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Australia's veterinarians and The Frawley review of 2002

Maxwell, John Alexander Loftus (2018) Australia's veterinarians and The Frawley review of 2002. Professional Doctorate thesis, Murdoch University.

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Abstract

This thesis examines the impact of a Commonwealth Government inquiry, the “Review of Rural Veterinary Services” on Australia’s veterinarians and the services they provide. Chaired by Peter Frawley, the inquiry became known as the Frawley Review and examined rural veterinary services, animal quarantine and veterinary education in Australia and made recommendations concerning all three.

When Australia began as a penal colony of Great Britain in the 18th century, there was little need for veterinarians. This changed during the latter half of the 19th century with an increase in livestock and diseases.

Australia’s first veterinary school was the Melbourne Veterinary College, a private facility, established in 1888. This school was subsequently incorporated into the University of Melbourne in 1909. A further three veterinary schools were established in the 20th century; however today, there are seven veterinary schools in the country and with a population of approximately 24 million, Australia now has more veterinary schools per capita than any comparable Western Nation.

Since colonisation, Australia imported livestock from countries where major diseases occurred. However, it was not until the late 19th century that quarantine was considered necessary. With Federation, Australia’s Quarantine Act (1908) was promulgated and it wasn’t until 2016 that this Act was replaced with the Biosecurity Act (2015). Fortunately, when incursions of exotic diseases of livestock have occurred in Australia, they have failed to gain a foothold or were eliminated.
During 2015 and 2016, the author conducted an on-line survey of registered veterinarians in Australia and face-to-face interviews of quarantine personnel and academics at all veterinary schools.
In the first study, five hundred and fifty-five survey responses were received; the mean age of respondents was 45 and 64% were female. Eighty-seven percent were employed in practice, with the majority in urban, small animal practice, whilst the balance worked in various institutions. Less than 10% performed work on-farm. Fifty-eight percent worked full-time and 22% had taken significant time-out from veterinary service during their career.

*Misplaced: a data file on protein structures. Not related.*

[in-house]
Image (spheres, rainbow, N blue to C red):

Forty one percent of respondents were dissatisfied with the income they received and nearly 20% were dissatisfied with their status as a veterinarian.
More than half the respondents stated that they had been injured or acquired an illness whilst conducting their veterinary occupation.

Respondents concluded that, although the Frawley Review had made valid observations, it had failed to beneficially influence veterinary services in this country.

The second study was designed to secure data from veterinarians regarding the review’s impact on animal quarantine. Interviews were conducted with eight leaders of animal quarantine in Australia. Interviewees agreed that livestock quarantine was necessary and required the participation of veterinarians for its success.

All expressed misgivings regarding the current status of animal disease quarantine, especially surveillance and monitoring. The participants concluded that although quarantine was essential, our ability to conduct it effectively was questionable and Frawley had done little to ameliorate the situation.

The third study was designed to obtain data on the current status of Australia’s veterinary education by conducting interviews with Deans and Heads of Australia’s seven veterinary schools with 17 participating in the research.

Interview questions included assessment of the Frawley Review, the purpose and funding of veterinary education, different curricula, student selection, different degrees and the oversupply of veterinary graduates. The consensus was that Frawley failed, not only to halt further schools being established in Australia, but also with its other recommendations relevant to veterinary education.

It is concluded that, although veterinarians have functioned in Australia for over 100 years with the nascent profession beginning with great hope, a sense of purpose and confidence in its future, today, there is confusion as to its future role in society and the current models of delivering veterinary services, animal quarantine and veterinary education require modification.

Item Type: Thesis (Professional Doctorate)
Murdoch Affiliation: School of Veterinary and Life Sciences
Supervisor(s): Robertson, Ian
URI: http://researchrepository.murdoch.edu.au/id/eprint/41361
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